[00:05:46] And he had three shifts of people, in most of the times I was with him, who looked after him. Eight hours from early morning until lunchtime, another eight hour shift from lunchtime until eight hours later, and then a night shift of people who were expected to be there with him all through the night and taking notes and answering questions and things.
[00:06:11] So he himself slept, if we could even call it sleep. He rested as he put it. He didn’t refer to it as sleeping. He rested for, in that semi-horizontal position, for about two hours every night, and then the rest of the 22 hours of the day, he was up and moving about, sometimes lecturing for upwards of 12, 15 hours in any given day and never looking tired, always just filled with energy.
[00:06:42] And he said to us that he was wanting to train us to be like him. And I underwent that training. I found it very, very helpful to learn how to rest very deeply, even with my eyes open. How to rest very sufficiently, even if there were only two or three hours of lying-down time available in the night.
[00:07:05] I found it extremely helpful in the process of raising my own children, for example, my young son Asa, last night, decided to wake up at three and I had to use the Maharishi technique from 3:00 AM until about seven to continue to rest myself sufficiently to come to this meeting and give these recordings.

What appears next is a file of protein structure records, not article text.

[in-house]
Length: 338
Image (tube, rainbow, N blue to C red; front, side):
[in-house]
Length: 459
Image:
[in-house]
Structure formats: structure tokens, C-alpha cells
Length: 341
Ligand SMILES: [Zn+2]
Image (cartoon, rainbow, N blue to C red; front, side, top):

[00:07:29] So Maharishi was somebody who believed that dynamic restfulness did not require you going unconscious, that you could rest consciously…
My Waking is More Restful than Your Sleep
[00:07:40] I asked him once when we were on a long flight, on what basis was he able to keep, this is when I first met him, was able to keep moving because he was talking all through the flight.
[00:07:51] He had some Vedic Pandits, people who are experts in the sound of the Veda, chanting to him in the aircraft. And this was back in the day when on an aircraft, almost everybody smoked cigarettes, 70% of the people in the airplane had cigarettes lit up and there was a blue haze of smoke, right through the cabin. He seemed to be unconcerned about any of that. He didn’t care.